This post is guest authored by Jeremy Deamer, Manager of Branch Systems Development for America First Credit Union.
When you see the phrase “be different,” it’s usually prefaced by “dare.”
Dare to be different.
But we don’t see the creation of the America First Credit Union Innovation Center as a dare – quite the opposite, in fact. We put so much thought and planning into every aspect of this working laboratory. We carefully calculated and calibrated our choices, using the input from a small, tight-knit, cross-departmental internal working group, and cross-referencing that with industry research and consumer data.
Our motto in building the Innovation Center was “Think different. Act different. Be different.” In our first guest post, our ATM Services Manager talked about having the courage to think differently, and in our second, I explained how our entire organization needed to act in new ways. Now we’ve reached a place where we feel like we’re actively living the dream. We wanted to be different, and we are.
Our previous blogs dug into the nitty gritty details of getting the Innovation Center up and running. So for this post, we thought we’d do something a little … different. Here are the top 10 discoveries we’ve made since launching this project – the things that confirmed to our organization that we really are acting like an entirely new, unexpected, different kind of financial institution.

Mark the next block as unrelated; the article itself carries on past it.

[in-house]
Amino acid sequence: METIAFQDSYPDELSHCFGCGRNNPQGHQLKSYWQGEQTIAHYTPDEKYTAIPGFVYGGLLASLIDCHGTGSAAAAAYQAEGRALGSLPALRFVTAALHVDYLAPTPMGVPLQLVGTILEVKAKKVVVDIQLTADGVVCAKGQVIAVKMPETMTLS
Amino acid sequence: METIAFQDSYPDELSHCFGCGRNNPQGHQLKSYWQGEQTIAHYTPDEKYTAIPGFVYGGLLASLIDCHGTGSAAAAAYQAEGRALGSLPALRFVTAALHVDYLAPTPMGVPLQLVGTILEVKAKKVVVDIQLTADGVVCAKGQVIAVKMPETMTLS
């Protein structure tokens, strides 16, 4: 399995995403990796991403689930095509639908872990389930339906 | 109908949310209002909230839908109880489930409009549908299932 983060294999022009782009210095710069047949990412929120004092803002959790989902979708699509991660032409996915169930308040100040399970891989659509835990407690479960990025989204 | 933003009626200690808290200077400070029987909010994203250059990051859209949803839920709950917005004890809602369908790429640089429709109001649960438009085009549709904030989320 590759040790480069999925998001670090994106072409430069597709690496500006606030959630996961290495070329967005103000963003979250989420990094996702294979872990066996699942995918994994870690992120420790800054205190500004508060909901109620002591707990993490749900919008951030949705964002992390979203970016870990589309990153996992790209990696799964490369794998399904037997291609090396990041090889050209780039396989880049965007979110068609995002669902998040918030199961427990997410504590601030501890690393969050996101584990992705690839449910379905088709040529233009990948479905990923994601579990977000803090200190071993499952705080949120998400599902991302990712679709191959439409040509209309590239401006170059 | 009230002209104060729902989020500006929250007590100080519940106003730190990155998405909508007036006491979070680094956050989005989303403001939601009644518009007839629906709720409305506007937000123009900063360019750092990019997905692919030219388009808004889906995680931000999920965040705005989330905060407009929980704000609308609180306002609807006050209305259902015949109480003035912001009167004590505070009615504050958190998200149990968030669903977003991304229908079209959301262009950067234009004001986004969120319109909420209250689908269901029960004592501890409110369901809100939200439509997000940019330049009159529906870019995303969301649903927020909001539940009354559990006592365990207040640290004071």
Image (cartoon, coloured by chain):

- We can hang with the Apples of the world. We’re one of the only credit unions with a full branch in a mall – and virtually the only one in the nation that’s using the mall branch as a working innovation lab where people can come in and play around with new technology (sound like another mall favorite?).
- Empowering customers empowers us. Self-service terminals from different brands sit side by side at the Innovation Center, giving our members the power to experiment and choose the technology that works best for them. That instant interaction and feedback provides us with essential insights that help us make more targeted, strategic decisions.
- Ditto with employees. Our executive board gave us a few mandates, a timeframe and, yes, some money. And then they let us do the work. That freedom and empowerment drove us all to work harder and more passionately than we ever had before.
- Our lobby is a living room. We wanted the wide open space of the Innovation Center to flip everything you know about a traditional credit union lobby on its head. We channeled modern boutique hotels, minimalist design and a crisp, fresh color palette to create a place that feels inviting. Then we added 15 big screen TVs. We’ve played host to football watch parties, video game contests with local NBA players, and corporate and community events.
- You can bring it in house. This has always been part of our philosophy – doing everything in-house takes resources and money, of course, but it gives us the ability to control our own destiny, customize our solutions (rather than using off-the-shelf products), and operate in a flexible, nimble way in a rapidly evolving tech-driven world.